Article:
Tom Shelton, owner of Pantry and More, gets choked up when he talks about how the 17th anniversary of his food pantry on Tuesday coincides with Tarleton's Service Day.

“Lady I’m crazy and I get choked up," Shelton said. "It was his idea to come on the sixth of April not even knowing that was my anniversary date. Now tell me that our Lord doesn’t have a lot to do with it. I get so choked up because I’m so grateful.”

Brian Martinson, assistant professor for Tarleton’s business department, organized students for Service Day to help the non-profit organization.

Martinson said he has about 15-20 students going to help clean up, recycle, organize and do some heavy lifting for Shelton.

“We’re going to be helping him do some cleaning, hauling some rubbish, straightening some things out, taking some recyclables in and folding some clothes that I think he’s preparing to ship to Africa,” Martinson said.

Martinson is also the president of the local society of human resources called Cross Timbers Society for Human Resource Management and he connected with Shelton back in December.

“At our December meeting we invited Tom from Pantry and More to be our guest at our meeting. And we do this every Christmas, we make a donation to a nonprofit or area public service organization and we picked him because one of the members heard about the work he is doing,” Martinson said. “He’s just a wonderful guy and his mission is wonderful."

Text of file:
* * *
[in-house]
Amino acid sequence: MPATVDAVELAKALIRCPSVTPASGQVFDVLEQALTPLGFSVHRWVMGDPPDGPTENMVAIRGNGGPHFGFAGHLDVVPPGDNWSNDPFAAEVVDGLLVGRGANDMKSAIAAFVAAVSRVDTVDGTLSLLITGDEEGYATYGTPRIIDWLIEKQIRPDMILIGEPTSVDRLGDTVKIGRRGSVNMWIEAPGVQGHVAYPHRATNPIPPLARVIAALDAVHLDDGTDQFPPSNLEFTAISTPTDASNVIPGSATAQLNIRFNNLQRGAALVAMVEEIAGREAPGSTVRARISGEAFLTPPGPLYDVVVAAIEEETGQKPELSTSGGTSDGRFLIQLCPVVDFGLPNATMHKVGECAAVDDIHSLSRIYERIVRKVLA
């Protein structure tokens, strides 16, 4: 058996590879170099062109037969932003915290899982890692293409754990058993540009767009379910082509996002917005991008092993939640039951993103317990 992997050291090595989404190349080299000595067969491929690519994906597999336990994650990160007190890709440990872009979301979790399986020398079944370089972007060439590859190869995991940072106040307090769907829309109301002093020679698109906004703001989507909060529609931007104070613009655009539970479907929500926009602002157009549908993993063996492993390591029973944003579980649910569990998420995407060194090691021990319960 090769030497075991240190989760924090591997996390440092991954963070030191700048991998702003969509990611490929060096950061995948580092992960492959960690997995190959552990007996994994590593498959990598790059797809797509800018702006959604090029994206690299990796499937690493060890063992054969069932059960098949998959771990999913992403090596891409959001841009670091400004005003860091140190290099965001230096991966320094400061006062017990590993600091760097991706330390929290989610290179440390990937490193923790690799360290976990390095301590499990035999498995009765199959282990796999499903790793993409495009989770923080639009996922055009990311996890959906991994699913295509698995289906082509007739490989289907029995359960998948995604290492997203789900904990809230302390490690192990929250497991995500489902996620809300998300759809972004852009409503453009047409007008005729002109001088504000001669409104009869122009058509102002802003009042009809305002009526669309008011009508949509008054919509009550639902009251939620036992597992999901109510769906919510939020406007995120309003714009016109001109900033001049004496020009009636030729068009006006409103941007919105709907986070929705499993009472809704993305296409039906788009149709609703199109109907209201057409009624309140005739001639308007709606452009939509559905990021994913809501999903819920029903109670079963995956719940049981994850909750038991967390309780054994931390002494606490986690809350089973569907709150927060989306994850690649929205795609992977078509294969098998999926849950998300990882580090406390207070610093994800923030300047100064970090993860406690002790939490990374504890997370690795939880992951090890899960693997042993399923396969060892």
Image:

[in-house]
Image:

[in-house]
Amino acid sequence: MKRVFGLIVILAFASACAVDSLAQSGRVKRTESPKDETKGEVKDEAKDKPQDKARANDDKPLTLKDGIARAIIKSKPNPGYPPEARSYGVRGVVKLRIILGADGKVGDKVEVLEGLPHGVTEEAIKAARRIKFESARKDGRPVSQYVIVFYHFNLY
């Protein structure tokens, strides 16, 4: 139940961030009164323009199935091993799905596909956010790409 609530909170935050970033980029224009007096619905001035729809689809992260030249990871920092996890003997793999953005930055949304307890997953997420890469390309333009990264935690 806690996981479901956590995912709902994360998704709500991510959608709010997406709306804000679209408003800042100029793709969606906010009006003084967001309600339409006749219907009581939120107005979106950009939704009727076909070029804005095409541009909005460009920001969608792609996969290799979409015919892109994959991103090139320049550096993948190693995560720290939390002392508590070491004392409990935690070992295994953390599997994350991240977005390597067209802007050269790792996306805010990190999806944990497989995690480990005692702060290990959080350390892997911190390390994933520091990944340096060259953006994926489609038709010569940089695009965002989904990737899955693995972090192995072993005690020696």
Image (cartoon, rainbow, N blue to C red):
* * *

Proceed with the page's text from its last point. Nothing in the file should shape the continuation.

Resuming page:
Shelton said the pantry’s mission is to feed people - physically and spiritually.

Guests receive a Bible, barbed wire cross and a crocheted cross with a poem titled, “Cross in my Pocket.”

Pantry and More isn’t a typical food bank because guests don’t need any qualifications to receive help.

“Here, you get a Big Lots grocery cart and you go pick your own food and I’ll see you when you get out," Shelton said. "I don’t tell you what you can have but I do control the amount.”

Martinson reflects on the importance of Service Day.

“The whole Service Day idea gives us a chance to actually get out of the classroom and go into the community to do stuff and it’s always a learning experience," Martinson said. "It doesn’t matter what area you’re in, you know, for us it's human resource management primarily with the students and with the idea of helping and contributing. Giving students this experience as part of their education and contributing to society makes the place a little better.”